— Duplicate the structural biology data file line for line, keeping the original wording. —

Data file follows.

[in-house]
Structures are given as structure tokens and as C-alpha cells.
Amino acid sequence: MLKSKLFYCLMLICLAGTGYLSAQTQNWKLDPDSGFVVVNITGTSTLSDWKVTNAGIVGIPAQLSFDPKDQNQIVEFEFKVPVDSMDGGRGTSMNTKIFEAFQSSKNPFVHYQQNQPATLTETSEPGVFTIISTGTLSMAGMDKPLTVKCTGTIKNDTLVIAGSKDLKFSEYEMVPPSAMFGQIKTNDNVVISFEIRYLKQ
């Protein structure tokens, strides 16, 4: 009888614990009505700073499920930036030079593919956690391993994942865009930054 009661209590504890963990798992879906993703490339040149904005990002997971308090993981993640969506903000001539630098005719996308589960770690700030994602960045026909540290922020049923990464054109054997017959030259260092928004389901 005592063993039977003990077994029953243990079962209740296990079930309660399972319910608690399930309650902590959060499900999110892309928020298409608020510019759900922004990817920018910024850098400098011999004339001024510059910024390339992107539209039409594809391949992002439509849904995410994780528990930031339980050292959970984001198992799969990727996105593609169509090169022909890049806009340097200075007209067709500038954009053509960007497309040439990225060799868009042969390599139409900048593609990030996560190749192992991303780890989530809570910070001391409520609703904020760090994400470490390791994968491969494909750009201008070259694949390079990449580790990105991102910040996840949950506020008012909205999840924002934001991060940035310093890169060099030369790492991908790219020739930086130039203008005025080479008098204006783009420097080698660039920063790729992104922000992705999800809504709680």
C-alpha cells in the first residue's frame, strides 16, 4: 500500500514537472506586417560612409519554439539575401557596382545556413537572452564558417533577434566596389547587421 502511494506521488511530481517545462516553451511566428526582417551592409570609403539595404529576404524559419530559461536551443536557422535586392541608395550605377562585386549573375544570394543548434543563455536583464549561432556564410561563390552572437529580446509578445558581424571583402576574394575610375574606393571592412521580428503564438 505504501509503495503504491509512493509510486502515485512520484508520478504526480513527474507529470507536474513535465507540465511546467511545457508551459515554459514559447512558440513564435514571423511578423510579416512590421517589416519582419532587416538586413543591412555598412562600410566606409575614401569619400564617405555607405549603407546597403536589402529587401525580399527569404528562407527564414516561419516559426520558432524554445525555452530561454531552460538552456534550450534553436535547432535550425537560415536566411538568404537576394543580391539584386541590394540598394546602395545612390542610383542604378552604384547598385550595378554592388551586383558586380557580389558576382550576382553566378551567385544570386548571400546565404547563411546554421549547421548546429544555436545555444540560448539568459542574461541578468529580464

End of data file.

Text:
[in-house]
Structures are given as structure tokens and as C-alpha cells.
Amino acid sequence: MLKSKLFYCLMLICLAGTGYLSAQTQNWKLDPDSGFVVVNITGTSTLSDWKVTNAGIVGIPAQLSFDPKDQNQIVEFEFKVPVDSMDGGRGTSMNTKIFEAFQSSKNPFVHYQQNQPATLTETSEPGVFTIISTGTLSMAGMDKPLTVKCTGTIKNDTLVIAGSKDLKFSEYEMVPPSAMFGQIKTNDNVVISFEIRYLKQ
């Protein structure tokens, strides 16, 4: 009888614990009505700073499920930036030079593919956690391993994942865009930054 009661209590504890963990798992879906993703490339040149904005990002997971308090993981993640969506903000001539630098005719996308589960770690700030994602960045026909540290922020049923990464054109054997017959030259260092928004389901 005592063993039977003990077994029953243990079962209740296990079930309660399972319910608690399930309650902590959060499900999110892309928020298409608020510019759900922004990817920018910024850098400098011999004339001024510059910024390339992107539209039409594809391949992002439509849904995410994780528990930031339980050292959970984001198992799969990727996105593609169509090169022909890049806009340097200075007209067709500038954009053509960007497309040439990225060799868009042969390599139409900048593609990030996560190749192992991303780890989530809570910070001391409520609703904020760090994400470490390791994968491969494909750009201008070259694949390079990449580790990105991102910040996840949950506020008012909205999840924002934001991060940035310093890169060099030369790492991908790219020739930086130039203008005025080479008098204006783009420097080698660039920063790729992104922000992705999800809504709680």
C-alpha cells in the first residue's frame, strides 16, 4: 500500500514537472506586417560612409519554439539575401557596382545556413537572452564558417533577434566596389547587421 502511494506521488511530481517545462516553451511566428526582417551592409570609403539595404529576404524559419530559461536551443536557422535586392541608395550605377562585386549573375544570394543548434543563455536583464549561432556564410561563390552572437529580446509578445558581424571583402576574394575610375574606393571592412521580428503564438 505504501509503495503504491509512493509510486502515485512520484508520478504526480513527474507529470507536474513535465507540465511546467511545457508551459515554459514559447512558440513564435514571423511578423510579416512590421517589416519582419532587416538586413543591412555598412562600410566606409575614401569619400564617405555607405549603407546597403536589402529587401525580399527569404528562407527564414516561419516559426520558432524554445525555452530561454531552460538552456534550450534553436535547432535550425537560415536566411538568404537576394543580391539584386541590394540598394546602395545612390542610383542604378552604384547598385550595378554592388551586383558586380557580389558576382550576382553566378551567385544570386548571400546565404547563411546554421549547421548546429544555436545555444540560448539568459542574461541578468529580464